The northwest corner of Fifth and Arch Streets in Philadelphia, in October 1857. Image courtesy of the Library Company of Philadelphia, Frederick De Bourg Richards Photograph Collection.
The scene in 2019:
The first photo was taken by photographer Frederick De Bourg Richards, as part of an effort to document Philadelphia’s historic 18th and early 19th century buildings. Unlike many of Richards’s other subjects, such as the Free Quaker Meeting House across the street from here, this three-story commercial building does not appear to have been a major historic landmark. In the original caption of the photo, the building is described simply as “a primitive house,” with no further information as to its history or date of construction. However, it was likely built sometime in the 1700s, and it may have once served as a single-family home before being converted into commercial use.
By the time the first photo was taken, the building was occupied by the publishing and bookselling firm of C. G. Henderson & Co. The company had been established in 1851, and was originally located in a building at the corner of Seventh and Chestnut Streets. However, that building burned later in the year, and by 1852 C. G. Henderson was located here at the corner of Fifth and Arch. As shown in the first photo, the building featured a number of exterior advertisements, including a particularly large sign on the roof, proclaiming it to be “The Cheap Book Store.”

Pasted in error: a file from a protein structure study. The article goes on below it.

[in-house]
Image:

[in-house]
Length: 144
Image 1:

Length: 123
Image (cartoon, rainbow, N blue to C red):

The bookstore seems to have closed within a year or two after the first photo was taken, but the fate of the building itself is somewhat less clear. It may have been demolished at some point in the late 19th century, but it was definitely gone by the mid-20th century, when this entire block, along with several others, was leveled to create the Independence Mall. Today, there are no surviving remnants from the first photo in this scene. Instead, the foreground here is open parkland, and further in the distance is the National Constitution, which occupies much of this block.